# Matter Specific Properties (continued)

## Malleability

Property that allows matter to be shaped. There are malleable and non-malleable materials.

Property that allows you to turn materials into wires. An example is copper, which is used in the form of wires in electrical installations and iron in wire manufacturing.

Some substances have the property of being attracted by magnets, they are magnetic substances.

It is also called specific mass of a substance is the ratio (d) between the mass of that substance and the volume occupied by it.

With a scale we can determine the mass of cork pieces of known volume. Thus, for example, it is experimentally determined that (for the variety of cork used):

• 1 cm3 of cork has mass 0.32 g;
• 2 cm3 of cork have mass 0.64 g;
• 100 cm3 of cork have mass 32 g;
• 1,000 cm3 of cork have mass 320 g.

Similarly, the mass of lead pieces of known volume can be determined. For example, we get:

• 1 cm3 lead has a mass 11.3 g;
• 2 cm3of lead have mass 22,6 g;
• 100 cm3 of lead have mass 1,130 g;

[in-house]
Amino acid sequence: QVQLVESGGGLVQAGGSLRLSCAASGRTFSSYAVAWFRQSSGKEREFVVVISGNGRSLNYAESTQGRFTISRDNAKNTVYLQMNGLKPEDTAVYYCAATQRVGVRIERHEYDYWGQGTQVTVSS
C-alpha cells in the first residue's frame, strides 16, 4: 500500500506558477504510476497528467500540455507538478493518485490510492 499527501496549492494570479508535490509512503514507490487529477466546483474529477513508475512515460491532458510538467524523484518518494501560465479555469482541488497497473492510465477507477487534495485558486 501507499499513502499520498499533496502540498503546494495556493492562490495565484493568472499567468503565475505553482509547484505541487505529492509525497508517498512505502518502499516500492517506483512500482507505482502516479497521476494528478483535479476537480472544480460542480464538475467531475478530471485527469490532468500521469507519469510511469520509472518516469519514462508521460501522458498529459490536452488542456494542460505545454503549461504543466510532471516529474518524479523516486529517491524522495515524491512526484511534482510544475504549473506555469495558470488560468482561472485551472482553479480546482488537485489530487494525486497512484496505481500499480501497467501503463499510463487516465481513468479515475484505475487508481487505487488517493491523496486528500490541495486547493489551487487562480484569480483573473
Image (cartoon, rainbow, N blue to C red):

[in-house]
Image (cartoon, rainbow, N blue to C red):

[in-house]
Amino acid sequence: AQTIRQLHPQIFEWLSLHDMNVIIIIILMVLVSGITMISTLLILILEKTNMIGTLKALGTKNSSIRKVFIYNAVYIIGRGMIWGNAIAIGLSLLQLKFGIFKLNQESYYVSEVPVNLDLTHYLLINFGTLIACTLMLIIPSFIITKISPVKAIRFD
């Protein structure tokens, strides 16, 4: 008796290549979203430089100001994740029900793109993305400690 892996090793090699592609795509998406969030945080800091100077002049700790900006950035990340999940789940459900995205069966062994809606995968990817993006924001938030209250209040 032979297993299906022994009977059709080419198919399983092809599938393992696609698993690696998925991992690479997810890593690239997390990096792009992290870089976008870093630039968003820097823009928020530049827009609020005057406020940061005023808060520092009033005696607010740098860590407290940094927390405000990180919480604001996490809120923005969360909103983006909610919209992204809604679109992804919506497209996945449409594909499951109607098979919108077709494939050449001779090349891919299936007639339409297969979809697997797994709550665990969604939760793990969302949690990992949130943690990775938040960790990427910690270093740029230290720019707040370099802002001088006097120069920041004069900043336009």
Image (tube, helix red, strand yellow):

• 1,000 cm3 of lead have mass 11,300 g.

### Did you notice any regularity?

The mass and volume of cork are directly proportional. When the volume increases, the mass increases in the same proportion. Mathematically, we can say that the ratio (division) between the mass and volume of a piece of cork gives constant result. The same can be said for lead.

### The concept of density

The mass to volume ratio for cork is:

The result obtained (0.32g / cm3) is the density of cork, a quantity that tells us how much mass there is in a certain volume. 1cm volume3 of cork has mass 0.32 g, a volume of 2 cm3 It has mass of 0.64g and so on.